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  25. Spacetime philosophy reconstructed via massive Nordström scalar gravities? Laws vs. geometry, conventionality, and underdetermination.J. Brian Pitts - 2016 - Studies in History and Philosophy of Science Part B: Studies in History and Philosophy of Modern Physics 53:73-92.
    What if gravity satisfied the Klein-Gordon equation? Both particle physics from the 1920s-30s and the 1890s Neumann-Seeliger modification of Newtonian gravity with exponential decay suggest considering a "graviton mass term" for gravity, which is _algebraic_ in the potential. Unlike Nordström's "massless" theory, massive scalar gravity is strictly special relativistic in the sense of being invariant under the Poincaré group but not the 15-parameter Bateman-Cunningham conformal group. It therefore exhibits the whole of Minkowski space-time structure, albeit only indirectly concerning (...)
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  26.  69
    Branching space-time analysis of the GHZ theorem.Nuel Belnap & László E. Szabó - 1996 - Foundations of Physics 26 (8):989-1002.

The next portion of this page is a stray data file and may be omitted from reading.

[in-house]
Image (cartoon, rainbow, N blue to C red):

Greenberger. Horne. Shimony, and Zeilinger gave a new version of the Bell theorem without using inequalities (probabilities). Mermin summarized it concisely; but Bohm and Hiley criticized Mermin's proof from contextualists' point of view. Using the branching space-time language, in this paper a proof will be given that is free of these difficulties. At the same time we will also clarify the limits of the validity of the theorem when it is taken as a proof that quantum mechanics (...)
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  27. Space, time and parsimony.Daniel Nolan - 2022 - Noûs 57 (4):763-783.
    This paper argues that all of the standard theories about the divisions of space and time can benefit from, and may need to rely on, parsimony considerations. More specifically, whether spacetime is discrete, gunky or pointy, there are wildly unparsimonious rivals to standard accounts that need to be resisted by proponents of those accounts, and only parsimony considerations offer a natural way of doing that resisting. Furthermore, quantitative parsimony considerations appear to be needed in many of these cases.
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  28.  87
    Space, time, and Deity: the Gifford lectures at Glasgow 1916-1918.Samuel Alexander - 1920 - New York: Dover Publications.